Yesterday the Washington Post put out an article about Montgomery County Public Schools (Maryland, suburban DC) dropping the “gifted” label for students in their schools, stating that the label is both “arbitrary” and “unfair.” I read the piece, and didn’t think much of it at first. Then I read the comments from the idiot parent fringe out there. Some had interpreted the dropping of the gifted label as the end of accelerated academic programs in the county school districts. Others thought that this would “dummy down” the curriculum and put really smart kids in an academic straitjacket as the “mush heads” took their time to catch up to them. Many of these wonderful examples of American education even argued that there has always been an academic pecking order of sorts, of the smart and the dumb, of those who finish “first” and those who are “last,” and that removing the label amounted to “political correctness gone awry.” This is why the average teacher burns out in about five years.
I commented on this on the Washington Post comment section for this article myself. As someone who was once labeled as “gifted,” as a parent, and as an educator. It’s appalling, to say the least, to read about parents who want every advantage for their child at the expense of other children merely because they somehow think that this helps their kid win the race for diplomas and dollars. It was shameful to see parents who eagerly labeled kids who hadn’t been labeled “gifted” as “mush heads.” It shows a deep and fundamental disconnect between the education reform movement of the past two decades and public discourse on education. Parents only care about their child, as if the thousands of other kids and their learning have no impact on their child. And anyone that voices concern for education beyond their child, especially if it doesn’t tilt K-12 education in their favor, is a socialist who wants to help disadvantaged kids at the expense of brainiacs. What bullshit!
What MCPS is doing is nothing more than attempting to dissipate some of the arrogance and inequity that comes with labeling someone as “gifted.” Yes, many of us are “gifted,” but in the case of schools, that only meant academically gifted. And academically gifted means what, really, in K-12 education? The ability to memorize facts and techniques faster and more accurately than others, right? Yes, that is a gift, and for those of us whose memories approach the photographic, a gift that can give us an advantage.
But last I checked, schools were about much more than memorization, especially once kids made it past elementary and middle school. Education is about discovering and developing the whole child, about kids finding their way to understand their abilities, their talents, beyond memorization while learning as much as they can in preparation for the real world. In our case, a 21st century world where a minimum of two years of education beyond high school is necessary for a job with a living wage. A high enough wage to pay bills, buy a car, move out from under your parents, get married, to actually have a career and not just a job, to have more educational opportunities later on in life. You can’t get there in a school district that sets the bar low for most of its students and high for those it labels “gifted.” We can’t be competitive as a county, state, region or nation if we continue to act as if most kids should be excluded from material that they can’t get instantly.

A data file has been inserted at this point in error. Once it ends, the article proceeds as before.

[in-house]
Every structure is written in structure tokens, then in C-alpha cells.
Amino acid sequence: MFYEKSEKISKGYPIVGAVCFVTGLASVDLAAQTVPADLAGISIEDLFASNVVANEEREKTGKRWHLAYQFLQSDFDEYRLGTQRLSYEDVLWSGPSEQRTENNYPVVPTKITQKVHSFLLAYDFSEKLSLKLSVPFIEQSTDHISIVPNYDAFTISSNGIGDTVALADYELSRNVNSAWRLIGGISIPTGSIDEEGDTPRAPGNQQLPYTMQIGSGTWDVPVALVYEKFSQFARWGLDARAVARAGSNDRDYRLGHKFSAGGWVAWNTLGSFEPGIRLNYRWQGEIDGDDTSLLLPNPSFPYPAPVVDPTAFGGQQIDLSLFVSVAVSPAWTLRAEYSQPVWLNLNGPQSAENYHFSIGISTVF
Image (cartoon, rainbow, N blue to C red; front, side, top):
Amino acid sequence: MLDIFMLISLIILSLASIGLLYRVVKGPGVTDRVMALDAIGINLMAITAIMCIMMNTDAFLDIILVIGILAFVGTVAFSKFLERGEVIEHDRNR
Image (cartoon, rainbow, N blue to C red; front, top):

I get what MCPS is doing. Even though I was “gifted,” I learned early on that even among the gifted, many of us were rather ordinary kids with arrogant, affluent parents, doting teachers from first grade on, and blessed with access to books at home, access to travel abroad, and with parents with a high level of education to boot. I wasn’t one of those kids. And if I hadn’t had a sixth grade teacher with connections in my school district, I would’ve never been noticed as “gifted” in the first place. This despite three years of straight A’s. Even with all of that, I didn’t understand myself as a writer until I was thirty, learned how to interact with folks from various racial and socioeconomic backgrounds the hard way, and felt like my gifted program was fundamentally flawed by the time I reached tenth grade.
The label is meaningless in a world where many of the gifted lack the psychological, social, and emotional intelligence necessary to work, network, and interact with the average “mush head.” For that matter, I can tell you after seventeen years of on-and-off teaching of college and grad courses that most of these gifted students lack the critical thinking, leadership and writing skills necessary to compete in the real world. Or, more accurately, have underdeveloped skills because schools spend more time shoveling facts in their heads rather than putting kids in positions where they have to think critically, act and react decisively, and write clearly.
No, I think that as someone who believes in reforming and realigning schools so that universal higher education of some sort is possible for all Americans — nerds, geeks, jocks, and clowns — that dropping the gifted label is only a minimal starting point. A single-track, college-prep, multiple pathway system of K-12 education that sets high academic standards for all of its students and caters to the allegedly gifted with even more rigor is the way to go. Should school districts like Montgomery County not move toward this, we can look forward to more articles about education reform in ten, twenty or thirty years where parents act as if their kid is the only one that matters and that everyone else’s child is lazy and stupid.